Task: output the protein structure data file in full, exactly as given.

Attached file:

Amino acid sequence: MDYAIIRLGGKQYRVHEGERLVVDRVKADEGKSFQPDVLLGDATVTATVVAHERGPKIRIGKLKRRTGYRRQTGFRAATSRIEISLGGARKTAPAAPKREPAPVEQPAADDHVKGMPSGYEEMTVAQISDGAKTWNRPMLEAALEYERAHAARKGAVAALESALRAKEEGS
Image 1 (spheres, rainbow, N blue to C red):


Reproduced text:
Amino acid sequence: MDYAIIRLGGKQYRVHEGERLVVDRVKADEGKSFQPDVLLGDATVTATVVAHERGPKIRIGKLKRRTGYRRQTGFRAATSRIEISLGGARKTAPAAPKREPAPVEQPAADDHVKGMPSGYEEMTVAQISDGAKTWNRPMLEAALEYERAHAARKGAVAALESALRAKEEGS
Image 1 (spheres, rainbow, N blue to C red):